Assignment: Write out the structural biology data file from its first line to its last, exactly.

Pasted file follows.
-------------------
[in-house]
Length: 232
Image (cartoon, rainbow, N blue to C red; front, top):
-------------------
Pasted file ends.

[in-house]
Length: 232
Image (cartoon, rainbow, N blue to C red; front, top):